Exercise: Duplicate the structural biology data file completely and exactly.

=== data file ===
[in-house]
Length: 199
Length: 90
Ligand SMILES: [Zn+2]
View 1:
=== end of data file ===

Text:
[in-house]
Length: 199
Length: 90
Ligand SMILES: [Zn+2]
View 1: